Is my Backup method okay?

Discussion in 'Mac Basics and Help' started by adamlbiscuit, Oct 20, 2008.

  1. adamlbiscuit macrumors regular

    Sep 22, 2008
    Hi all, I just wanted to make sure my backup method is okay. Basically I don't really know how to do the big major backups like system etc. and I don't trust Time Machine after hearing pretty negative comments on it.

    So Instead, I hooked up my MacBook to a new HD that I'd just bought, and I backed up my important stuff, Documents, Music, Pictures, Movies, Widgets, applications. Just simply dragged it to the external HD. I'm wondering if this is okay? Say for example I get a new MacBook and I send all this date over as it is will it be okay? What I'm concerned about most are the applications since I just simply dragged my whole applications folder to the External HD.
  2. Diseal3 macrumors 65816

    Jun 29, 2008
    I'm not a mac expert as I have not been using the system very long, however to my knowledge Mac dosent Use any "Registry System" as the Windows System does. However, I think the only thing you will lose in case of an emergency with your applications would be the License Information for certain apps as not all save them in there folder, .kext files are saved in different parts of the system to save that information.
  3. OllyW Moderator


    Staff Member

    Oct 11, 2005
    The Black Country, England
    I would recommend using Carbon Copy Cloner or SuperDuper! to make an exact copy of your disk to an external drive.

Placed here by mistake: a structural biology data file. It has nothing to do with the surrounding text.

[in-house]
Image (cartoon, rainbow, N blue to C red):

4. adamlbiscuit thread starter macrumors regular

    Sep 22, 2008
    Thanks for the replies. As for the Licenses etc. I have jotted down all the codes I need so I can input them easily so it might not be that much of a problem. As for the exact copy of the disk, I'm seriously recommending doing this, but will it do anything to the date I already have stored on there?
  5. sickmacdoc macrumors 68020


    Jun 14, 2008
    New Hampshire
    I could not agree more. Not only do the programs copy everything (leaving you with a bootable drive if it is a FireWire drive on a PPC based Mac or a FireWire or USB drive on an Intel based Mac) but the necessary permissions are also preserved making the data a virtual clone of the original. That way should your boot drive have any problems you can immediately boot from the backup and get right back to work- a feat you cannot do with a Time Machine backup.

    Is the data you have dragged to your backup drive no longer on your boot drive? If that is the case you can use the incremental backup of Carbon Copy Cloner with the "Delete items that don't exist on the source" (below) unchecked and it will not mess with the data on the backup. Keep in mind in doing this that if you delete files from your boot drive that have been previously backed up, they will NOT be removed from the backup, so the backup will no longer be a true clone, and using it to restore after a crash will restore files that you had previously deleted. Sorry if that is confusing but it makes sense after you start using a cloning program! ;)

    A more straightforward way to deal with this though is to partition the backup drive and do a straight clone of the whole boot drive to one partition (using the Incremental Backup with the "Delete items that don't exist on the source" selected) and use the other partition for files drug off the boot drive and anything else you want to store there. Since we don't know anything about how much data is on your boot drive or the size of your backup drive, you would have to determine if that is practical in your case.

    Attached Files:

  6. osin macrumors 6502

    Jun 8, 2008
    New Jersey
    Can you point me to those comments? (links)

    I'm using TM right now, and would like to know what can get wrong with it...
  7. Batt macrumors 65816


    Dec 17, 2007
    Syracuse, NY
    Time Machine is not only fine, it's a no-brainer. Use it. It can't hurt to use CC or Superduper in addition to TM, also.

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